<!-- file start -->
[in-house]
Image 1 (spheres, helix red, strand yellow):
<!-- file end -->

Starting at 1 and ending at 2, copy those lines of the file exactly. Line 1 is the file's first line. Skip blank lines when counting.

[in-house]
Image 1 (spheres, helix red, strand yellow):